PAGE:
Once the adapter 32 is firmly mounted within the shaft recess 20 the length of the adapter is such that the outer threaded portion 34 extends beyond the shaft inner end 14. Thus, the adapter may be readily threaded into the crankshaft hole 58, and may be threaded into the crankshaft hole sufficiently to abut the shaft inner end against the crankshaft end 60, although this abutting relationship is not necessary to operate the tool.
Once the adapter 32 is threaded into the crankshaft hole the harmonic balancer 62 is slipped over the outer end 16 of the shaft 10 and initially positioned and aligned on the end of the crankshaft nose 56. The balancer will be rotated to align its key or key slot, with the key, or key slot, formed on the crankshaft nose end, and at this time the thrust bearing 44 is slipped upon the shaft 10 wherein the bearing face 48 is brought into engagement with the balancer outer face 70. It is to be noted that the diameter of the thrust bearing 44 is greater than the diameter of the hub bore 68 to insure that the forces applied to the balancer will be axial and not tend to "cock" the balancer.
Thereupon, the forcing nut 52 is threaded upon the shaft 10, and by use of a wrench applied to the nut the nut is forced against the thrust bearing face 50 to force the thrust bearing to the right, FIG. 7, and push the balancer 62 upon the crankshaft end 56. Rotation of the forcing nut 52 continues until the balancer is fully mounted upon the crankshaft end.
To remove the tool the forcing nut 52 is usually slightly backed off from the thrust bearing 44, and a wrench applied to flats 24 permits the shaft 10 to be rotated in a counterclockwise direction unthreading the adapter 32 from the crankshaft hole 58. Such rotation of the shaft 10 continues until the adapter clears the hole 58, and the tool may then be removed.
Counter-rotation of the bolt 26 relative to the shaft 10 will loosen the adapter 32 within the recess 20, and the adapter may then be completely removed from the bolt and recess and stored for future use. The forcing nut 52 and thrust bearing 44 are also usually removed from the shaft 10 when the tool is not in use.
It will be appreciated that the sequence of installing the balancer upon the crankshaft may vary slightly from that described above. For instance, the balancer 62 may be initially oriented relative to the crankshaft end 56 prior to the adapter 32 being screwed into the end of the crankshaft. In such event, the forcing nut 52 and thrust bearing 44 may already be located upon the shaft 10, but will be located adjacent the outer end 16 so as not to interfere with the balancer during the mounting of the shaft 10 upon the crankshaft.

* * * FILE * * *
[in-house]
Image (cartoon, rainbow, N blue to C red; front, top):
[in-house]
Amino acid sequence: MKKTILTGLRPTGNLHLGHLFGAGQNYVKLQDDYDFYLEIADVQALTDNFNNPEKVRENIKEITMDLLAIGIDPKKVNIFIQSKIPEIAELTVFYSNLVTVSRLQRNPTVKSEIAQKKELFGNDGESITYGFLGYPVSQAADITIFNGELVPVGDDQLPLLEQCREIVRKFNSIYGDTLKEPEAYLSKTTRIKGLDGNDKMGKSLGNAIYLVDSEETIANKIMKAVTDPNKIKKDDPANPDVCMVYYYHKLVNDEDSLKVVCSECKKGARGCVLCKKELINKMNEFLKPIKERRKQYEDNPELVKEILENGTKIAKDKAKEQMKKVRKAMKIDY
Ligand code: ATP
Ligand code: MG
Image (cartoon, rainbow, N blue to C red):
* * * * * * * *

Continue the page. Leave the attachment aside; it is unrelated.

The aforedescribed tool is easily usable within the relatively confined quarters within an engine compartment, and the use of the tool permits the balancer to be properly positioned upon the crankshaft without binding as a purely axial force is imposed upon the balancer as it is pushed upon the crankshaft nose end. The use of a plurality of adapters 32 having various thread characteristics and threaded portion sizes permits the tool to be universal in its use with a wide variety of crankshafts, significantly reducing the cost of this type of tool while improving the flexibility of usage.
It is appreciated that various modifications to the inventive concepts may be apparent to those skilled in the art without departing from the spirit and scope of the invention.
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|U.S. Classification||29/264, 403/299, 29/263|
|Cooperative Classification||Y10T29/53878, Y10T29/53883, Y10T403/56, B25B27/023|
|Jun 17, 1982||AS||Assignment|
Owner name: DOWLEY MANUFACTURING, INC., 7750 KING RD., SPRING
Free format text: ASSIGNMENT OF ASSIGNORS INTEREST.;ASSIGNOR:EASON, LLOYD R.;REEL/FRAME:004004/0077
Effective date: 19820317
Owner name: DOWLEY MANUFACTURING, INC., A CORP. OF MICH., MICH
Free format text: ASSIGNMENT OF ASSIGNORS INTEREST;ASSIGNOR:EASON, LLOYD R.;REEL/FRAME:004004/0077
Effective date: 19820317
|Dec 21, 1987||FPAY||Fee payment|
Year of fee payment: 4
|Sep 30, 1991||FPAY||Fee payment|
Year of fee payment: 8
|Dec 27, 1995||FPAY||Fee payment|
Year of fee payment: 12